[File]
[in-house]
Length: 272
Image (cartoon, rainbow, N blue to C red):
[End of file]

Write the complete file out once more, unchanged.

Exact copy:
[in-house]
Length: 272
Image (cartoon, rainbow, N blue to C red):